Chef Renee Erickson pulls king salmon from menu after learning of starving orcas – KUOW

It seems there is something happening, right now. I called for looking into a moratorium on chinook harvest in the Salish Sea and just off the coast, and now (totally separate from my article) Canadian environmentalists and a restaurant in Seattle are also calling for a  halt for the demand for Salish Sea chinook. I’m reaching out to a Seattle fisheries expert who claims it won’t matter. We’ll see if he has time to help me and you understand why.  More to follow.

A Seattle restaurateur has stopped offering chinook salmon at her restaurants. Renee Erickson, chef and owner of a group of restaurants, including The Walrus and the Carpenter in Ballard, said she made the decision after learning about the plight of J50, the young, ailing orca whale.

http://www.kuow.org/post/chef-renee-erickson-pulls-king-salmon-menu-after-learning-starving-orcas

 

Salmon spawn fierce debate over protecting endangered species, thanks to a single gene-Science Magazine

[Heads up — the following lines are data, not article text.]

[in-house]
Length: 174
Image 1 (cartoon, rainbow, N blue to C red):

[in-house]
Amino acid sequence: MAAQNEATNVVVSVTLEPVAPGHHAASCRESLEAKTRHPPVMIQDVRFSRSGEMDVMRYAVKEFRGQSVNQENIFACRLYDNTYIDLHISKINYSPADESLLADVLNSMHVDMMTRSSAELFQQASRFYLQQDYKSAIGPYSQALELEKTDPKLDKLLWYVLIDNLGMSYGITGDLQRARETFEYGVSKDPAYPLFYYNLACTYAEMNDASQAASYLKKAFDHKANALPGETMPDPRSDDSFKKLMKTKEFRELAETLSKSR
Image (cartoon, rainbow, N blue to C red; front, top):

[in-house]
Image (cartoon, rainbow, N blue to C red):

interesting news…big possible impacts for dam removal projects.

…Researchers had concluded that the Klamath’s spring-run Chinook are genetically similar to fall-run Chinook.

New research findings, however, are forcing scientists and federal officials to revisit that decision. In 2017, researchers announced that they’d identified a single gene that appears to control whether Chinook salmon, as well as steelhead, a closely related species of rainbow trout, migrate upriver before or after reaching sexual maturity. They concluded that the genetic change that produced spring-run Chinook occurred only once in the species’s history.

http://www.sciencemag.org/news/2018/05/salmon-spawn-fierce-debate-over-protecting-endangered-species-thanks-single-gene

Thousands more trees planted on Tarboo Creek during Plant-A-Thon – PDN

In one day, 180 volunteers planted 4,300 native trees and shrubs along Tarboo Creek. The Northwest Watershed Institute’s Plant-A-Thon, an annual event since 2005, was held this year on Feb. 4. Volunteers from area schools worked to restore salmon and wildlife habitat, as well as reduce climate change impacts, by planting 2,300 native trees, and installing 2,000 live stakes of willow and other native shrubs along Tarboo Creek, said Jude Rubin, director of stewardship and public involvement for Northwest Watershed Institute (NWI). The Plant-A-Thon has become the largest environmental service project in East Jefferson County, Rubin said. (Peninsula Daily News)

https://www.peninsuladailynews.com/life/thousands-more-trees-planted-on-tarboo-creek-during-plant-a-thon/

Jimmy Come Lately Salmon Report